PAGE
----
These days we are seeing an increase in the need for guardianships. There are several factors that possibly contribute to this. One factor is that through medical advancements people generally are living longer. In many cases, extended life does not equate to extended quality of life, or extended capabilities. It is only an extended life. Many who are living longer don’t have the physical and mental means to continue life as they had in the past, so they need help. A related factor is the aging of the “baby boom” generation. Most are aware that following the end of World War II, there was an unprecedented surge in new births in America when young men returned from the war. People born in those years are referred to as the “baby boomers.” Those boomers are now joining the ranks of people living longer-and there are a lot of them. Finally, our society has seen an increase in the number of children being raised by their grandparents. According to the U.S. Census Bureau, in 2010, approximately 5.4 million children in the United States lived in a household headed by a grandparent. This represents about 7 percent (or one in 14) children, and is a marked increase from the 4.7 million such arrangements in 2005.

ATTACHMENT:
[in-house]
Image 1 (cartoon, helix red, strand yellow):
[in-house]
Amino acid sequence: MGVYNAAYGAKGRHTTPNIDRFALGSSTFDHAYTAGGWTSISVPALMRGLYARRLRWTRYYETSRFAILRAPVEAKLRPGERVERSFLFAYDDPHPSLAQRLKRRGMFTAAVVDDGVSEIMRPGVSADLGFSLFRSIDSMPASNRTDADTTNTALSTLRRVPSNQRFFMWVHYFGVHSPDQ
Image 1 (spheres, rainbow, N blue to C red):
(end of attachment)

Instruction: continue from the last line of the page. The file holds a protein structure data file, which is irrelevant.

For those who cannot take care of either themselves or their finances, guardianship provides a means through which someone else can be appointed to take care of those things for them. “Guardianship” refers to a legally conferred relationship between a competent adult (the guardian) and a protected person, as set forth in Indiana’s probate code. There generally are two classes of protected persons: minors and incapacitated adults. Generally, guardianship of a minor is unnecessary if there are capable parents available to care for the child. By law, parents are charged with the custody and care of their children. Where parents are not capable for whatever reason, third parties may need to step in and take control for the benefit of the child. For incapacitate adults, there is generally no one with presumed legal authority to take care of them or their finances. The apparent increase stems from the fact that more grandparents are raising their grandkids, while people are living longer and needing longer term care as their minds and bodies give way.